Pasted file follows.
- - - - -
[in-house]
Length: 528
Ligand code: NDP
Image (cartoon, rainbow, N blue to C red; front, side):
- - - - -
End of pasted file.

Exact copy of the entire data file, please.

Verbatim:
[in-house]
Length: 528
Ligand code: NDP
Image (cartoon, rainbow, N blue to C red; front, side):